The response at the remaining eleven universities was no better. Two universities sent documents that likewise confirmed that they had failed to consider the costs of mismatch at their schools. Seven of the institutions refused to honor the request — saying it failed to meet their requirements for some reason or another. One university quoted a price for searching for the documents that was too expensive for CEO — even though CEO engaged in extensive attempts to negotiate around the cost difficulty. The last request went to the University of Texas itself, and it and CEO are still going back and forth on that.

In addition to CEO’s requests, state-based affiliates of the National Association of Scholars (NAS) likewise asked universities for documents confirming that they had considered the costs of racial preferences, and investigated race-neutral methods of achieving the same benefits. NAS’s requests met the same fate. Not a single university responded with documents showing they had seriously considered race-neutral alternatives as Fisher requires, and not a single university responded with documents showing they had seriously considered the costs of their racially preferential admissions policies.

Accordingly, the Supreme Court should grant review again in Fisher, and try again to write an opinion that universities will take seriously. Perhaps this time the Court will conclude that it is futile to expect schools to do anything other than try to drive a truck through a door it has left ajar. The Court should shut that door — by holding that there is no compelling interest in the use of racially discriminatory admissions in the first place.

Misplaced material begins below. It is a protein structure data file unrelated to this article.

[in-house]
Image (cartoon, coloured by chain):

Meanwhile, Congress could act.

When Congress passed the 1964 Civil Rights Act, Title VI provided: “No person in the United States shall, on the ground of race, color, or national origin, be excluded from participation in, be denied the benefits of, or be subjected to discrimination under any program or activity receiving Federal financial assistance.”

Alas, this crystal-clear prohibition has been ignored by the Supreme Court, which has allowed racially discriminatory admissions.

But as long as racial preferences are allowed, Congress could at least require universities that receive federal funding to report annually whether they engage in such discrimination, and to provide evidence to show that any racial preferences they do use don’t exceed the limits imposed by the Court’s decisions.

Some insist that universities should continue to practice racial discrimination in admissions, but who can defend it being done secretly and without providing some rudimentary evidence of how it meets with the Supreme Court’s requirements? The U.S. Commission on Civil Rights has endorsed such legislation, and Representative Steve King (R., Iowa) introduced a bill nearly a decade ago along precisely these lines.

As Justice Louis Brandeis said, sunshine is “the best of disinfectants.”

If Congress were to act now, it would be interesting to hear any senator or representative — or anyone running for president, for that matter — try to explain his or her support for secret, illegal racial preferences. It would be even more interesting to hear President Obama’s justification if he vetoed such a bill.

Roger Clegg is president and general counsel of the Center for Equal Opportunity. Joshua P. Thompson is a principal attorney with Pacific Legal Foundation. CEO has joined an amicus brief filed by PLF in the Fisher case now before the Supreme Court.